Here is an interesting article about top vacation spots, and how the rich maybe limiting our choices. I disagree, even though I usually agree with people who think that the rich are taking away from the poor. I do believe that the world is discovering top vacation spots faster and will continue to do so. We are evening writing about them in our vacation spots blog, follow the vacations links we are SEOing for it. We don’t want to just SEO other people’s websites, but our own dreams, enjoy:
It’s summer, the time when American families return to their favorite vacation spots, relive their childhood rituals, and complain about gentrification.
It will happen everywhere, from predictable spots like the Hamptons and Nantucket to the newer hot spots of affluence, like Idaho and the Georgia coast.
The place may change, but the complaint is the same: The rich are ruining the neighborhood. They turned that corner ice-cream stand into a specialty-food shop that now charges $20 for a tin of foie gras. They turned all those quaint, affordable shacks into $10 million megamansions priced for out-of-town Masters of the Universe. They bought up that great patch of beach and turned it into a yacht club.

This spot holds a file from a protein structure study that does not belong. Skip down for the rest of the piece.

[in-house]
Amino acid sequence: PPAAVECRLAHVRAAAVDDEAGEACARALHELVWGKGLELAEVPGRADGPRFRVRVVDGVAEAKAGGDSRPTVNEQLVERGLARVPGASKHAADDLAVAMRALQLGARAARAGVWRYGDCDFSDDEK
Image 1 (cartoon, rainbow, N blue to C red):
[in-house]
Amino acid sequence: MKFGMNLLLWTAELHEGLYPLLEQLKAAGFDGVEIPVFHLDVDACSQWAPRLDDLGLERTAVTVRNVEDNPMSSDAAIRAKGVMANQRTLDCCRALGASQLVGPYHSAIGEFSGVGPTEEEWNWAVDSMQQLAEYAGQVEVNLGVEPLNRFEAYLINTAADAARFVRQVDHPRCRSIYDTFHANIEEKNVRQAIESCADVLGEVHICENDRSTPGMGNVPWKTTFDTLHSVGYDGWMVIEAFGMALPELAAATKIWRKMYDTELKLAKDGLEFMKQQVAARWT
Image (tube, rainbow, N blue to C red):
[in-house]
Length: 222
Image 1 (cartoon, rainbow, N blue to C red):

Barbara Ehrenreich, the longtime champion of the working class, tackles this theme in a new essay that’s adapted from her new book and featured in a series about inequality that just launched in The Nation.
She says inequality in America has created a new general rule of vacation spots: “If a place is truly beautiful, you can’t afford to be there.” She mentions Sun Valley, an Idaho town called Driggs, and Key West as examples of how “the rich are robbing the rest of us of beauty and pleasure.”